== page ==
The Life and Experiences of a Layman by Charles Boller

Pages 113 - 117


He did not look at me. The long hair took on remarkable movement as the the man wrote quickly. I walked very slowly through the two large rooms and stood before him. "I truly regret that I must deliver a work to the consistory this afternoon," he said as he wrote. "If I have the honor of standing before the honorable Mr. Gerok, I would humbly ask if I could just take a short moment of your very valuable time." Then he looked at me. After I gave him my business card he stopped writing.

I have your worthy "Blumen und Sternen" [Flowers and Stars] as well as "Pfingstrosen" [Pentacost Rose], and my favorite "Illustrierten Palmblätter" [Illustrated Palm Fronds] in my library and I have read them. "Sit down, Mr. Boller." "Next to sacred scripture I have derived so much comfort in the troubled and sad hours from your writings that I made the decision years ago when I travel to Germany I would look for the author of these edifying books and thank him personally for what he has achieved and done for me and the whole of Christianity." "O, Please sit down, Mr. Boller," he said. "One of our bishops preached a while for us in America and I invited him


"to lunch. He saw you 'Illustrierten Palmblätter' in my library. 'Oh,' he said, 'if I could have had the Palmblätter before my sermon in order to quote from it and that would have been a help to me.'" "No, Mr. Boller, it makes me very happy that a layman, a businessman comes to me from America, where everyone hunts for the almighty dollar, in order to thank me for what I have given the world with God's help, and especially that a businessman from America finds the time necessary to satisfy intellectual needs. But listen, Mr. Boller, grant God the Lord the honor for what I have given in this regard. You said before that your bishop has preached for you! To which denomination do you belong?" I responded, "Mr. Gerok, we are called the Evanglical Community and have a large conference in Switzerland and one in southern Germany. Our main book publisher is right here in Stuttgart." "Oh, where is it, please?" "In the Schloßstrasse, where the chapel is." "So, so, so. Allow me to give you an extra copy of the Palmblätter as a souvenir." And he wrote the following lines in the book:


To Mr. C. Boller
In fond memory by the author
Stuttgart, June 28, 1882
Karl Gerok

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45. A Nights Study to address the President of the United States

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                              Washington, April 8, 1908

If we want to address Potentates, Kings, or the President of the United States we must be very reverent and discreet. Therefore, my night's study, as a preparation, to interview the President.

Dear Mr. President:

I am so glad to have the privilege of an interview with you. Would your Honor please allow me two minutes of your valuable time, to converse with you? I came to this country of my adoption in 1849, and located in Buffalo, N.Y., which has been my home ever since. I have been prosperous, and have learned to love my country. I am glad to have such a grand man at the helm. Am proud that myself and big family of ten have had the pleasure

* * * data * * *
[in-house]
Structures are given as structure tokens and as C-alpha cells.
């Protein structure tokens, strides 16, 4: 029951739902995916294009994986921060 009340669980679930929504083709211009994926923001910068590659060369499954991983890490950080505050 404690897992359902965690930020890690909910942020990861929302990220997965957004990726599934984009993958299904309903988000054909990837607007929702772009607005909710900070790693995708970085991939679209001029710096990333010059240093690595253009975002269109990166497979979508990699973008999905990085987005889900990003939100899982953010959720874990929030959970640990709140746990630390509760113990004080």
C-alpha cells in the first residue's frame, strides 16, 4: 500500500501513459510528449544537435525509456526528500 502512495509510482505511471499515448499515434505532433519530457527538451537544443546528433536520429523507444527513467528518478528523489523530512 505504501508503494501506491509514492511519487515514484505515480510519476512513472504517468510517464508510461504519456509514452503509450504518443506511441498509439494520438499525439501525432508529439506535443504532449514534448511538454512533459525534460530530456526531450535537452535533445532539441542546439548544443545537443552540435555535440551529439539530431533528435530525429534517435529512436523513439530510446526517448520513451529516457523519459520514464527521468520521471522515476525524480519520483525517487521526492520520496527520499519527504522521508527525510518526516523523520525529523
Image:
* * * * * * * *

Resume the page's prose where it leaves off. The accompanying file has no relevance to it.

of helping to place the reins into the hands of such a good man. Once as Governor of our State, New York, and twice as President of our glorious country. And, I would to God, that millions and myself had the chance, to vote and let the reins remain in the experienced hands of our beloved President, Theodore Roosevelt.

I am frank to state; that I have found the Lord, and am serving Him, and hope to be with Him soon, in a better land, yes, in a yet far better land than this.

May we meet there again. Goodbye.

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46. Michel's Conversion

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A farmer in Württemberg often and gladly talked about his conversion. In the village people didn't pay much attention to what he said. Therefore he went on Sundays to a neighboring village and held prayer hours and complained about his village and prayed for its conversion. A stranger asked him, "How long have you been converted?" He answered "Twenty years." "And you lived in the village?" He responded "Yes, indeed." "And in all that time no one has converted?"


He said, "No, no one. That's why I'm so sad." "There must be something wrong with your Christianity," replied the stranger. To this he asked, "Who's been talking about me?" And Michel was quite indignant. The stranger answered, "No one, I perceived it from your own words." "Yes," said Michel, "I am often scornful then I throw insults, which half the village hears and the neighbors say, "Michel is having one of his spells."

As Michel was on his way through the brush he knelt and prayed: "Beloved Savior, I have always prayed that others should convert but now I see that the error is mine. I will no longer be bad. Help me." Then he quietly went home. He could not sleep the entire night. He spent the night in prayer. On Monday morning he came to the courtyard and saw all the gear hanging from the tree, which the servant forgot to put away. He felt his insides churning but he fought it. He went through the courtyard until he found his servant. He said to him quite quietly, "The gear doesn't hang well from the tree." The servant answered, "I forgot. It won't happen again." If the farmer


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Text provided by Lockwood Library, State University of New York at Buffalo, BX8080.B65

Susan Kriegbaum-Hanks